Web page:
autopsy_of_jane_doe
Director
Cast
, , , ,
Rated
R
Runtime
86 min.
Release Date
12/21/2016
autopsy_of_jane_doe_poster

Norwegian filmmaker André Øvredal follows his impressive debut on the found-footage adventure The Troll Hunter (2011) with something far more interior and claustrophobic, albeit still a midnight madness genre effort. The Autopsy of Jane Doe begins with an intriguing, can’t-take-your-eyes-off-it premise and execution, but the movie suffers from an unconvincing third act. The screenplay by Ian Goldberg and Richard Naing combines two well-worn genres: the televised forensic investigation drama, such as Forensic Files or various C.S.I. incarnations and your typical haunted house fare, complete with mysterious sounds and shadows that warrant investigations in the dark, preferably alone and without a working flashlight.

The setup involves a murder scene in a rural Virginia home. Several people have been killed in various gruesome ways while apparently trying to escape the house, though no evidence indicates the residents were in any way trapped. The plot thickens when investigators find the corpse of a young woman (Olwen Kelly) buried in the cellar. Hoping to learn what happened in the house, the Sheriff (Michael McElhatton) delivers the unidentified body to Tilden Morgue & Crematorium, the family-owned operation run by widower Tony (Brian Cox) and his son Austin (Emile Hirsch). Though the son wants out of the family business, he postpones a late-night date with his girlfriend Emma (Ophelia Lovibond) to help out with the rush request.

What proceeds might be an initially antiseptic autopsy, except Cox and Hirsch lend their roles enough personality to bolster the ensuing incredulity of their characters. Indeed, the nameless corpse contains several mysteries that complicate any explanation of what happened back at the house. She appears to have been dead for some time; however, there’s no rigor mortis. On the exterior, her body appears completely undamaged and without bruises or wounds; yet her internal state suggests she was bound and tortured to death. When they open up her chest cavity, they discover she has been stabbed, burned, mutilated, and force-fed strange objects such as a flower and one of her own teeth. How could any of this occur without leaving a trace on her exterior?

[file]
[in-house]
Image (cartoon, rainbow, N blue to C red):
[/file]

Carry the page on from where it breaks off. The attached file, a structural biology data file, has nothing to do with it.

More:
The autopsy’s secrets would all be interesting enough, but soon father and son begin to experience strange phenomena: radios turn on, lights flicker, and an expected cat-scare proves unexpectedly tragic. With the second act, things get really weird and other-worldly. The writers explore some creepy paranormal activity but aren’t clear about the rules, if any exist, about what’s happening. The evidence found within the corpse seems to have significant meaning, but what could it be? Phantom images appear and disappear and sometimes interact. Morgue lockers open on their own. Bodies seem to get up and haunt the morgue’s hallways like zombies. Are they zombies? Are they even real? The answers and explanations pique our interest (and give us the willies) for much of the movie’s 86-minute runtime, but the specifics are never explained beyond cursory hints, which proves disappointing.

Cox and Hirsh elevate the material beyond a level it deserves, deceiving the viewer into thinking there’s more here than an underwhelming B-movie. Likewise, Øvredal handles the early scenes of the investigation with gross and gut-wrenching detail, along with a fascinating matter-of-factness about the early stages of the autopsy. The digital photography by Romain Osin looks sharp and expertly composed, at least until The Autopsy of Jane Doe descends into some distractingly bad CGI (smoke, fire, creepy moving corpses). Unfortunately, the climactic sequence looks cheap in addition to providing an insufficient explanation as to what just happened, leaving the viewer on a sour note. The movie’s early, slow-burning potential is squandered by its adherence to popular genre tropes, all of which seem underwhelming after the two-thirds. By the time the movie ends, any established goodwill is squandered on a rushed, kitschy, and unsatisfying finale that negates most of what preceded it.

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